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Posted in: Healthy Home Hazards
An estimated 84,000 homes in Omaha were built before 1978. Lead-based paint was not banned in the U.S. for residential use until 1978, so homes built before then have the potential to contain lead-based paint.
An amount of lead the size of 3 grains of sugar is enough to poison a child.
Lead paint that is in good condition, i.e. not chipping or peeling or cracking, is usually not harmful. However, if you have chipping lead paint, the dust from that paint can be hazardous. Lead paint can often be identified by the alligator pattern that forms when it chips.
According to the Centers for Disease Control and Prevention (CDC), there are half a million children in the U.S. (ages 1-5) living with blood lead levels above 5 micrograms per deciliter, which is the CDC action level. However, the CDC has also determined that there is NO safe level of lead in children.
Lead poisoning can harm a child’s nervous system and brain when they are still developing and cause lifelong learning problems. Higher amounts of lead exposure can damage the nervous system, kidneys, and other major organs. Lead poisoning is completely preventable.
The most common source of lead poisoning is from dust from chipping and peeling paint in older homes. Areas in the home where children are most often exposed to lead dust are window sills, window troughs, door ways and porches. Lead dust on floors from paint and soil is also a source for younger children who tend to crawl around and then out their hands in their mouths. Other sources of lead include soil, water from lead pipes and fixtures, ceramic glazes, toys and costume jewelry, keys, vinyl mini blinds, fishing weights, make-up, bullets and some imported candies and pottery.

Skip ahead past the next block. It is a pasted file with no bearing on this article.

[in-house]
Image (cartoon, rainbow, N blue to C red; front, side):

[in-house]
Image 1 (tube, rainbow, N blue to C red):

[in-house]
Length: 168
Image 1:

Steps you can take to protect your family:
Keep painted surfaces clean and dust-free using a wet dusting method
Repair chipping & peeling paint using lead-safe work practices and contractors (See: The Lead-Safe Certified Guide to Renovate Right)
Wash your hands and your children’s hands often
Remove shoes before entering home
If renting, contact your landlord about chipping & peeling lead-based paint
Learn more about how you can protect your family by downloading the EPA’s “Protect Your Family From Lead in Your Home”